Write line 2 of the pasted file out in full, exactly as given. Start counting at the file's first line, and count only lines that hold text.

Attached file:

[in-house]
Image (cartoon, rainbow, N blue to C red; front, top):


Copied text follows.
Image (cartoon, rainbow, N blue to C red; front, top):